But someone might be reading this and thinking “That’s all well and good, but if I’m honest, the idea of making God my treasure doesn’t actually seem all that exciting or amazing. In fact, what you’re describing sounds kind of boring and tedious; perhaps even impossible.” And that’s a fair point. But the reason we feel that way is because most of us unwittingly absorb a whole lot of (false) assumptions about God when we are children that we never re-examine as adults. We imagine that what God wants is for us to follow a whole bunch of seemingly arbitrary rules that suck the fun and spontaneity out of life. We imagine that what God really wants is for us to be permanently miserable and bored—like a petty school teacher in love with his own power. But the God of the bible is nothing like that. That is not what Christianity is about.
What Christianity offers is more than just list of rules. It offers the fulfilment of what your heart was designed to long for. Not a belief system but a person: Jesus. Jesus—God himself—desired something more than anything. He desired us. And he was willing to sacrifice whatever it took to have us. If that meant becoming human solely so that he could die in our place, he loved us enough to do it. We—you and I—were the thing Jesus wanted more than anything, and he went to the cross so he could have us.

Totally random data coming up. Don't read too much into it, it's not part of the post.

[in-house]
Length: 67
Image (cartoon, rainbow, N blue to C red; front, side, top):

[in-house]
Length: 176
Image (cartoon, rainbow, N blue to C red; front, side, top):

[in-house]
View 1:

We mentioned earlier that good deeds are only a side-effect for Christians. Most belief systems assume that in order to please God or reach enlightenment or go to heaven, one must obey the rules and perform good deeds; and one day, if you persist long enough, you might be found worthy. Christians, on the other hand, believe that Jesus already did all the good deeds on our behalf. He lived the life we should have lived and died the death we should have died. We don’t have to do anything in order to be found worthy. We already are because of what he did. So we do good deeds, not because we have to, but because they’re the kinds of things he would like. Because he’s what we really want.
God doesn’t promise that walking this path will be easy or simple, but he does promise that it will be worth it. And he also promises that he will be with us every step of the way. Star Wars is a great story, and just because it’s kind of confused about religion, doesn’t mean that it can’t point us to a greater story with a greater hero. And finding the Hero that our hearts secretly long for is exactly what we need.
Chris Sunami (2015) Jedi Philosophy ↩︎
James Harleman (2012) Theology, FORCEd ↩︎
Timothy Keller (2009), Counterfeit Gods, Hodder and Stoughton, London, p. xiv. ↩︎
James Harleman does a great job of discussing this in Star Wars: The Skywalker Legacy. ↩︎
C. S. Lewis (1949), The Weight of Glory, and Other Addresses (2001 reprint), Harper Collins, New York, p. 26. ↩︎
Mathew 13:44–47, HCSB. ↩︎